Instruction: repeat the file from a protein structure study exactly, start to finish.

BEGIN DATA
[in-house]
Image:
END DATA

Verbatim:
[in-house]
Image: